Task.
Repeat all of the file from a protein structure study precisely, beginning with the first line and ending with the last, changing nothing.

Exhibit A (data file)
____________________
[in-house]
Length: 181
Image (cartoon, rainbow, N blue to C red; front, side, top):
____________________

[in-house]
Length: 181
Image (cartoon, rainbow, N blue to C red; front, side, top):